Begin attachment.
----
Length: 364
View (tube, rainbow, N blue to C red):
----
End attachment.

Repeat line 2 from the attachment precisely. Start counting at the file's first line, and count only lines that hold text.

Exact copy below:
View (tube, rainbow, N blue to C red):